Halliburton will hive off KBR unit
Sheila McNulty, Houston
January 30, 2006
HALLIBURTON, the world's largest diversified energy
services, engineering and construction company, says
it is ready to spin off and list its KBR unit, which
is the US's biggest private contractor in Iraq, and
may also consider selling some pieces of KBR outright.
The decision to list 20 per cent of KBR, which had
been expected, comes as Halliburton reported the best
annual figures in its 86-year history. It earned
$US2.4 billion ($3.2 billion), or $US4.54 per share,
in 2005, compared with a full-year net loss of $US1
billion, or $US2.22 per share, in 2004.
Its overall gains were driven not only by KBR but also
its Energy Services Group, which has benefited from
increased use of its crews and assets amid an industry
scramble for oil and gas resources in the high-priced
Halliburton is eager to separate itself from KBR,
which, despite bringing in billions of dollars from US
military contracts in Iraq, has plagued the parent
company with controversy since the war began.
Not only was KBR accused of overcharging for services,
but critics said KBR was being favoured by the US
Government for contracts because US Vice-President
Dick Cheney used to run Halliburton.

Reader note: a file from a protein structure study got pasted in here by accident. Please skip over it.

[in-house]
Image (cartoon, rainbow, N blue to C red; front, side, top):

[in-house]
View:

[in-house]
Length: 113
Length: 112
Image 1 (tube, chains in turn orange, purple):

Even though Halliburton has denied any wrongdoing, the
controversy has dogged it. The company had to wait to
hive off KBR because the unit was caught up in a
bankruptcy restructuring as part of the company's $US4
billion asbestos settlement.
Halliburton president, chairman and chief executive
Dave Lesar said Halliburton planned to file for an
initial public offering for KBR soon after filing its
10-K financial form with regulators, which should be a
matter of months.
"We believe the IPO market in general, and the public
market for engineering and construction companies in
particular, is very attractive, and a public valuation
of KBR would benefit Halliburton's stock price, Mr
Valuation multiples of publicly traded engineering and
construction firms are currently very favourable.